Doctoral thesis

Is Climate Change Affecting the Stock Market? A Study of the Impact of Extreme Weather Events on Stock Returns, Volatility and Liquidity

An Industry Comparison of the Impact of Extreme Weather Events on Stock Returns: Scientists forecast increasing extreme weather events over the coming decades due to climate change ...

Author(s) :

Mark Siebert, PhD

Chief Risk Officer Asia at National Australia Bank (Hong Kong)

Abstract :

An Industry Comparison of the Impact of Extreme Weather Events on Stock Returns: Scientists forecast increasing extreme weather events over the coming decades due to climate change. We examine the effect of North Atlantic hurricanes on U.S. stock returns over the period January 1990 to December 2014. For industry portfolios spanning the entire U.S. stock market, we find that the abnormal effect on stock returns is differentiated according to industry classification, hurricane intensity, landfall location, and estimated ex post financial damages. The market portfolio exhibits negative mean daily standardised abnormal returns of -0.0064 in the prelandfall period, -0.0015 on the event day and subsequent day, and is approximately -0.006 out to 30 days post-landfall. Aggregate figures for the market, however, conceal a wide variation in the abnormal effect by industry: in the pre-landfall period, abnormal returns range from -0.075 (Restaurants) to +0.071 (Oil) and over the 30-day post-landfall period, from -0.053 (Real Estate) to +0.041 (Gold). Many manufacturing-based and consumer-focused industry portfolios exhibit consistently negative abnormal returns over the event window. Conversely, portfolios of Gold, Oil, Hardware, Software, Banks and Trading stocks exhibit a consistently positive abnormal effect, possibly due to investors seeking stocks not negatively exposed to the effects of a hurricane. We find no evidence that market efficiency has increased over the period of our study, i.e., that market participants have incorporated the expected financial implications of hurricane events into their stock price expectations.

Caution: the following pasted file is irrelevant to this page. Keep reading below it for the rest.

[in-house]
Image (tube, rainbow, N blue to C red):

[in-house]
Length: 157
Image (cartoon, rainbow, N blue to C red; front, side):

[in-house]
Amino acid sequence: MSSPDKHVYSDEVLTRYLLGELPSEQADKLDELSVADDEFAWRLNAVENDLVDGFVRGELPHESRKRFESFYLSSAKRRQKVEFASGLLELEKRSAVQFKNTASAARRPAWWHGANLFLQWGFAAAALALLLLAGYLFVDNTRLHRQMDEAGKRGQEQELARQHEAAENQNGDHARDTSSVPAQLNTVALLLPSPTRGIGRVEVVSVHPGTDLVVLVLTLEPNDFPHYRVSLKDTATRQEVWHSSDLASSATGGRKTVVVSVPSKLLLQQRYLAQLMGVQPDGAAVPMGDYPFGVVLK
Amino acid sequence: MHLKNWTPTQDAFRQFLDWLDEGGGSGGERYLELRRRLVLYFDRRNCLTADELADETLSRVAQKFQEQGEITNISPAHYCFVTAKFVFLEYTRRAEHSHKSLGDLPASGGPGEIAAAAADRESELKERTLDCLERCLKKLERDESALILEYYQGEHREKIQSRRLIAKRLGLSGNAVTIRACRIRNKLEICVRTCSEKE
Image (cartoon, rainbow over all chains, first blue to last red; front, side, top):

Idiosyncratic Volatility and Return Predictability: The Impact of Extreme Weather Events : We examine the impact of North Atlantic hurricanes on the idiosyncratic volatility of portfolios of U.S. stocks sorted by realised volatility. We find that the magnitude of the abnormal effect on idiosyncratic volatility increases with underlying portfolio volatility in absolute terms and decreases in relative terms. The magnitude of the effect is further related to hurricane intensity. In out-of-sample tests, we find weak evidence that hurricane events are a predictive variable for one-day ahead returns on an equal-weighted portfolio of stocks for the lower-volatility portfolios and the aggregate market portfolio after controlling for the business cycle. Finally, using portfolios of stocks sorted by industry classification, we find a differential abnormal effect on idiosyncratic volatility across industry portfolios.

Extreme Weather Events and Liquidity Shocks: We investigate the impact of hurricane events over the period 1990 to 2014 on the liquidity of portfolios of NYSE and NYSE MKT stocks sorted by liquidity, using four widely-used liquidity proxies: volume turnover, dollar-volume, bid-ask spread, and the illiquidity measure (ILLIQ) of Amihud (2002). We find abnormal liquidity effects for portfolios sorted by both their respective liquidity measures as well as by ILLIQ, with the lower liquidity portfolios showing the greatest abnormal effect.The magnitude of the abnormal effect is increasing with hurricane intensity, with major storms exhibiting a larger effect than minor storms. These abnormal effects may be due to an increase in systematic risk brought on by the expectation of the damaging effects of the hurricane events and the increased uncertainty on their micro and macroeconomic impacts.

Date : 08/02/2016
Thesis Committee :

Supervisor: Abraham Lioui, EDHEC Business School

External reviewer: Ekkehart Boehmer, Singapore Management University 

Other committee members: René Garcia and Raman Uppal, EDHEC Business School

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